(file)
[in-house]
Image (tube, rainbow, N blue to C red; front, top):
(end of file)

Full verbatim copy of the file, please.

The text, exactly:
[in-house]
Image (tube, rainbow, N blue to C red; front, top):